Mayor London Breed waves at election office employees after casting her vote at City Hall in San Francisco on Tuesday. | Source: Estefany Gonzalez/The Standard

“My hope is that they’ll focus on the Democratic Party and what we need to do with the president and Congress,” Breed said. “We need to work collaboratively together despite our differences here locally.”

Earlier in the day, Breed noted that voter turnout in the election was very low and encouraged residents to make their voices heard. “We have not gotten as many ballots back as we would like at this time,” she said.

—Han Li

1:30 p.m. | What do the latest turnout numbers indicate?

Early data from the city’s Department of Elections indicates that a sizable chunk of the roughly half-million registered voters in San Francisco are not showing up to the polls for this March primary contest. 

As of Tuesday afternoon, 120,000 mail-in ballots had been returned to the city, according to Department of Elections Director John Arntz. That figure represents about 24% of registered voters and means San Francisco could see the worst turnout for a presidential primary since 2012, when only 31% of registered voters cast a ballot and former President Barack Obama was the incumbent presidential candidate. 

Turnout for presidential primaries has historically been pretty bad, though numbers hovered at around 60% in both 2020 and 2016. Arntz said the contests have, on average, brought out just 49% of registered voters since 1972. 

“We’re not going to catch up to the 2020 numbers,” said Eric McGhee, senior fellow and policy director at the Public Policy Institute of California. “It’s too big of a gap.”

A voter stands at a check-in area with booths and a "March 5, 2024 Presidential Primary Election" sign.
People check in at a counter before voting at City Hall on Tuesday. | Source: Eric Risberg/AP Photo

The reasons for the low turnout are varied, politics experts say. They include this year’s absence of a competitive presidential race that usually drives voters to the polls. Others say this year’s propositions may not be too exciting for San Franciscans.

It’s not exactly clear which ideological camp low turnout numbers may benefit, according to political observers. 

Nationally, low turnout usually benefits more moderate candidates since those engaged are older and wealthier. But San Francisco could prove to be an anomaly, experts told The Standard, since the high proportion of mail-in ballots usually tilts toward benefiting progressives.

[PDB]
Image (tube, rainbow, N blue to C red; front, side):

—Gabe Greschler

1 p.m. | Voters say what issues are bringing them to the polls

In recent San Francisco elections, about 90% of voters have cast their ballots by mail. But there are still thousands of people who vote in person. San Francisco has over 500 designated polling places that are open Tuesday until 8 p.m., and early voting has been taking place at City Hall for weeks.

The Standard dropped by City Hall on Monday and Tuesday to find out what issues were on voters’ minds and what was bringing them out to the polls.

Jonathan Munevar, 36, a native of Los Angeles who lives close to Civic Center, said he was voting Tuesday in part to cast a ballot against Proposition E, which would expand police powers—including the use of drones—while curtailing the oversight abilities of the Police Commission.

“We have to keep police accountable,” he said. “The idea of giving police more technology without oversight is insane.”

In the confusing U.S. Senate race to replace the late Dianne Feinstein, Munevar said he was casting his vote for Rep. Barbara Lee, a Democrat from Oakland.

“Her vote against the Iraq War was brave, at a time when people were suspicious of you if you were against the war,” he said.

Daniel McCormick, a NoPa resident in his 20s, was also casting his ballot in Tuesday’s election at City Hall and said he votes in all local, state and federal races.

Like Munevar, McCormick said he was eager to cast a ballot for Lee in the Senate race.

“Barbara Lee earned my vote by being a vocal ally to Palestine,” he said. “I hope that plays an important role in separating her from the crowded field of Democrats, though I wouldn’t say I have too much faith there.”